Understanding Virtual Reality: Interface, Application, and Design, Second Edition arrives at a time when the technologies behind virtual reality have advanced dramatically. The book helps users take advantage of the ways they can identify and prepare for the applications of VR in their field. By approaching VR as a communications medium, the authors have created a resource that will remain relevant even as underlying technologies evolve. Included are a history of VR, systems currently in use, the application of VR, and the many issues that arise in application design and implementation, including hardware requirements, system integration, interaction techniques and usability.
- Features substantive, illuminating coverage designed for technical or business readers and the classroom
- Examines VR's constituent technologies, drawn from visualization, representation, graphics, human-computer interaction and other fields
- Provides (via a companion website) additional case studies, tutorials, instructional materials, and a link to an open-source VR programming system
- Includes updated perception material and new sections on game engines, optical tracking, VR visual interface software, and a new glossary with pictures
PART I WHAT IS VIRTUAL REALITY? 1. Introduction to Virtual Reality 2. VR: The Medium
PART II VIRTUAL REALITY SYSTEMS 3. The Human in the Loop 4. Input: Interfacing the Participant(s) with the Virtual World 5. Output: Interfacing the Virtual World with the Participant(s) 6. Presenting the Virtual World 7. Interacting with the Virtual World
PART III APPLIED VIRTUAL REALITY 8. Bringing the Virtual World to Life 9. Experience Conception and Design: Applying VR to a Problem 10. Virtual Reality: Past, Present, Future
William R. Sherman is a member of the Indiana University Advanced Visualization Lab, where he leads efforts in Scientific Visualization and Virtual Reality. He also teaches undergraduate and graduate courses on VR and Visualization, which he has done for two decades, including at the University of Nevada, Reno (UVR), and at the University of Illinois at Urbana-Champaign (UIUC).
Previously he founded the Center for Advanced Visualization, Computation and Modeling (CAVCaM) at the Desert Research Institute (DRI), where he led the VR and Visualization efforts, including overseeing the installation of a FLEX CAVE-style VR system as well as a 6-sided CAVE system. Prior to DRI, he led the virtual reality effort at the National Center for Supercomputing Applications (NCSA) at UIUC, working with the Electronic Visualization Lab to install and operate the second CAVE VR system.
He has authored several book chapters and papers on the topics of scientific visualization and virtual reality, and has organized and led "bootcamps" on immersive visualization in collaboration with the Idaho National Lab and Kitware Inc. Sherman is the architect of the FreeVR VR integration library. He has attended every single IEEE Virtual Reality conference since 1995, and was chair of the 2008 conference.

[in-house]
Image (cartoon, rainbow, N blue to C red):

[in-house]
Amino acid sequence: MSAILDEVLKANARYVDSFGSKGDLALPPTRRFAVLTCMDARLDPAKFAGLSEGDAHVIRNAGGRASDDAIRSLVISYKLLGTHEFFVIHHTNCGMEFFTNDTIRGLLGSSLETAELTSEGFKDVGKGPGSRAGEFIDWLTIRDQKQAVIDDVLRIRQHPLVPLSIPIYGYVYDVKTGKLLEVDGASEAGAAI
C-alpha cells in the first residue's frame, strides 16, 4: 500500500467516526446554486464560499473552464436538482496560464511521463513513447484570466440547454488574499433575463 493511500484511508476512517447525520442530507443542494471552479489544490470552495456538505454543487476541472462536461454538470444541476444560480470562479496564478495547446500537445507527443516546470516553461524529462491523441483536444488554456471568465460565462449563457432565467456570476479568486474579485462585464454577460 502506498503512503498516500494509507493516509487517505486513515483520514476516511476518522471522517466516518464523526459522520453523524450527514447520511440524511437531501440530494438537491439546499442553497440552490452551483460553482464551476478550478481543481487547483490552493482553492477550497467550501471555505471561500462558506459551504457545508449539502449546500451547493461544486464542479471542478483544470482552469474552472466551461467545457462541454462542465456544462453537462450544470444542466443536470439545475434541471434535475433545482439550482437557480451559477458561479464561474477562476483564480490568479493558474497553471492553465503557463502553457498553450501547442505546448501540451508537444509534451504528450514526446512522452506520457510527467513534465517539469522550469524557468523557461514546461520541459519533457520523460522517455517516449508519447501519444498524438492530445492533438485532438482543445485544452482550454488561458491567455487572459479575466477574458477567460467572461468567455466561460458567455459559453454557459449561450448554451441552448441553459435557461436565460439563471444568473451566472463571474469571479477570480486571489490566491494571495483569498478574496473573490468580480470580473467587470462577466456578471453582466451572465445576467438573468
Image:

Craig, Alan B.
Dr. Alan B. Craig is an independent consultant in Virtual Reality, Augmented Reality, Visualization, and High Performance Computing. Prior to this role, he contributed much to these fields during his thirty-year career at the University of Illinois at Urbana-Champaign (UIUC) as a Research Scientist at the National Center for Supercomputing Applications (NCSA) and as Senior Associate Director for Human-Computer Interaction at the Institute for Computing in Humanities, Arts, and Social Science (I-CHASS). Among his other consulting roles, he is currently engaged with the Extreme Science and Engineering Discovery Environment (XSEDE).
Dr. Craig has been called upon to speak as an expert in VR and AR at countless worldwide events and continues to speak at various venues. He has taught classes related to VR and AR online as well as onsite at universities, companies, and high school campuses. Dr. Craig has worked with government and industry entities regarding VR and AR applications. He has been interviewed by numerous publications, television, and news outlets.
In addition to Understanding Virtual Reality (with William R. Sherman) he also authored Developing Virtual Reality Applications (with William R. Sherman and Jeffrey D. Will) and Understanding Augmented Reality. Additionally, he has written multiple book chapters and articles. He has developed many virtual reality and augmented reality applications in content areas ranging from archaeology to zoology. He also teaches and advises on related topics. His primary focus has been on the use of virtual reality and augmented reality in educational applications and his work centers on the continuum between the physical and the digital.
He holds three patents.